The Brief Wondrous Life of Oscar Wao is the first novel by Dominican-born New Yorker Junot Díaz, a prolific short-story writer. Its special powers are many, but its appeal is simple: it brings to vibrant life frames of experience that most readers will not have previously given much thought to. Amid a slew of first novels that feel over-familiar from their first sentence, I cannot tell you how refreshing this is.
Oscar (the nickname Wao comes later) is ten when we first encounter him, a chubby, speccy and miserable resident of New Jersey's Hispanic ghetto. He sports his nerdiness ‘like a Jedi wore his light saber’, turning to fantasy an outlet as much for his frustrated romantic desires as for his innate dorkishness. Fellow Dominicans regard him as an embarrassment. He believes he is afflicted by a Fukú – a family curse that all Dominicans fear.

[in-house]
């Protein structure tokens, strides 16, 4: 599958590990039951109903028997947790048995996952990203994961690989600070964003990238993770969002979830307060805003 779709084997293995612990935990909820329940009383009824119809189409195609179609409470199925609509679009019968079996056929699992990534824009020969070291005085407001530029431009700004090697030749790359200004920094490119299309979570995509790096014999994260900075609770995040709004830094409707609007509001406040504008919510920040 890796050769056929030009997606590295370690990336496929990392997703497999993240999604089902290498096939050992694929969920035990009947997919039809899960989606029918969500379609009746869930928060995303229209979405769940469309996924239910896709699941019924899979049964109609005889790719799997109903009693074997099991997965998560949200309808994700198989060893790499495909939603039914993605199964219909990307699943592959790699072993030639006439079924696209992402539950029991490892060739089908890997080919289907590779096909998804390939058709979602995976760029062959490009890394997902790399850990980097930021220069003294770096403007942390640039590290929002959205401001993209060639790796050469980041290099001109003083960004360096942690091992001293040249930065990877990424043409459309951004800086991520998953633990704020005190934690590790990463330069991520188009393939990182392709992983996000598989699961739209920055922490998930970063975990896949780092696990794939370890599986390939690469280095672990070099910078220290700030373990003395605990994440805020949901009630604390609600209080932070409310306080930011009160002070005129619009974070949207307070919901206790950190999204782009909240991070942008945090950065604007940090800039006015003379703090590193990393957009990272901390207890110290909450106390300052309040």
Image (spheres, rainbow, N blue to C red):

As the narrative pans back a generation to recount the tale of his svelte, amply-bosomed mother, Belicia, in her Caribbean homeland, we begin to suspect he has a point. Belicia's parents were victims of the Dominican leader Rafael Trujillo – ‘the dictatingest dictator there ever was’, as the jive-talking narrator